• Pancreatic cancer is a very under-researched disease. We need more, better and more innovative research to crack this cancer. 
  • One of the big problems around data is that we don’t have enough! This means we don’t fully understand the patient experience. If you have space, you could make the point that more data collection will help us understand people’s experiences and know what to change about the systems. 

How to write your response

  • Try to refer to pancreatic cancer throughout your response.
  • Share your thoughts in as plain language as possible, focusing on solutions, rather than problems. What would have improved you or your loved one’s experience? What do you think needs to change?
  • The Government is not expecting you to use any professional or scientific language – so don’t worry about trying to sound like an academic!
  • Bring in personal examples wherever you feel comfortable doing so – how have you or your loved ones been affected? This will really help to communicate the urgency and seriousness of pancreatic cancer, and why it needs special attention.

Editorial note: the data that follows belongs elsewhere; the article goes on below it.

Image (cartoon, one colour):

• Start by reading through all the questions, choose which ones you want to respond to – don’t feel any pressure to write something for each question
  • Write out a few bullet points of what you want to include in each answer. You could go back to flesh out your answers a little more once you’ve decided what you want to put for each question. It might help to do this in a separate word document, and then copy and paste each answer into the online survey once you’re ready. 

Respond to the public survey

Influencing across the UK

This Call for Evidence will influence the next 10-year cancer strategy in England. In the meantime, we are doing lots of work behind the scenes to influence cancer policy across the UK. The Scottish Government is due to launch a consultation on its new cancer strategy in coming months, and we fed into the recently published 10 year cancer plan in Northern Ireland. Make sure that you sign up to our Campaigns Community for updates on how you can get involved.